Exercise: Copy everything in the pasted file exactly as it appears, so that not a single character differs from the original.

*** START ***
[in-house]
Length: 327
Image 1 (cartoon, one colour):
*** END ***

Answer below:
[in-house]
Length: 327
Image 1 (cartoon, one colour):